James Bobin is one of the hottest comedy directors to have surfaced in the last few years. Not only is he one of the big players behind HBO’s FLIGHT OF THE CONCHORDS, he also directed this year’s incredible THE MUPPETS. And whilst it’s almost certain that Bobin will join Kermit and Co for the inevitable sequel, he has also reportedly signed on for a different kind of movie altogether – an adaptation of the factual book ‘Agent Zigzag’.
The book, by Ben McIntyre, tells the story of Eddie Chapman, the wartime criminal and British double agent, and the film version is set to be produced by New Line and Playtone. Whilst it’s a change of direction for Bobin, it will be interesting to see what he does with Chapman’s remarkable story.
Kermit for the lead. You heard it here first.
Check out the official blub for ‘Agent Zigzag’.
Eddie Chapman was a charming criminal, a con man, and a philanderer. He was also one of the most remarkable double agents Britain has ever produced. Inside the traitor was a man of loyalty; inside the villain was a hero. The problem for Chapman, his spymasters, and his lovers was to know where one persona ended and the other began.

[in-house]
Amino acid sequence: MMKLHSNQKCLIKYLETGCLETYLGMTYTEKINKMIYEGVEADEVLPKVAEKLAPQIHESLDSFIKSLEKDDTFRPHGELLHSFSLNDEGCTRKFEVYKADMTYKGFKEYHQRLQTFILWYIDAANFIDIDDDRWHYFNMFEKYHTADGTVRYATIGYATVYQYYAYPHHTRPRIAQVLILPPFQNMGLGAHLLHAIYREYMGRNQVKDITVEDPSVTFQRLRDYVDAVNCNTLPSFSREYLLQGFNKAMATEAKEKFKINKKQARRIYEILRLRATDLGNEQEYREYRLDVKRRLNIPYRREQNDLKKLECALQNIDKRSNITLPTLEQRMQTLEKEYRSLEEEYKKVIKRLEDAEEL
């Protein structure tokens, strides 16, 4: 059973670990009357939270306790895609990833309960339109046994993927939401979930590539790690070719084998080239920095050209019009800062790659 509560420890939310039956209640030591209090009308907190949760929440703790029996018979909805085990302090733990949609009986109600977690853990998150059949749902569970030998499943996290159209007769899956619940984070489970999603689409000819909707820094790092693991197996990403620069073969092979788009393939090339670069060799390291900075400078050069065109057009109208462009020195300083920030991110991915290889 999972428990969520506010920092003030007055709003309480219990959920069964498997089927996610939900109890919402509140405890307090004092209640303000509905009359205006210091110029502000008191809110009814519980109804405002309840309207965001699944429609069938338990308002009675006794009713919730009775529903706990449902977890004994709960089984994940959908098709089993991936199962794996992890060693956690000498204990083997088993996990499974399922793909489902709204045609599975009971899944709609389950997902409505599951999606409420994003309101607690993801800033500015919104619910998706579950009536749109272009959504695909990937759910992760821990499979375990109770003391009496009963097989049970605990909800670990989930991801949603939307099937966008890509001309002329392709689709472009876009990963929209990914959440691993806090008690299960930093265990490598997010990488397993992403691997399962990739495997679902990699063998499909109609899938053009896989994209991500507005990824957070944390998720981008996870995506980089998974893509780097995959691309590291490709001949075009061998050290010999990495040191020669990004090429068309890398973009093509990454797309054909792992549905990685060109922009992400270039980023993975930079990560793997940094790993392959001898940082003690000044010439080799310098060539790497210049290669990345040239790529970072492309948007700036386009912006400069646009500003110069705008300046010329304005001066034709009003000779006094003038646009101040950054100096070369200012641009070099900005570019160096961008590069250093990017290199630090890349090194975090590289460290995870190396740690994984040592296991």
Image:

In 1941, after training as a German spy in occupied France, Chapman was parachuted into Britain with a revolver, a wireless, and a cyanide pill, with orders from the Abwehr to blow up an airplane factory. Instead, he contacted MI5, the British Secret Service. For the next four years, Chapman worked as a double agent, a lone British spy at the heart of the German Secret Service who at one time volunteered to assassinate Hitler for his countrymen. Crisscrossing Europe under different names, all the while weaving plans, spreading disinformation, and, miraculously, keeping his stories straight under intense interrogation, he even managed to gain some profit and seduce beautiful women along the way.
The Nazis feted Chapman as a hero and awarded him the Iron Cross. In Britain, he was pardoned for his crimes, becoming the only wartime agent to be thus rewarded. Both countries provided for the mother of his child and his mistress. Sixty years after the end of the war, and ten years after Chapman’s death, MI5 has now declassified all of Chapman’s files, releasing more than 1,800 pages of top secret material and allowing the full story of Agent Zigzag to be told for the first time.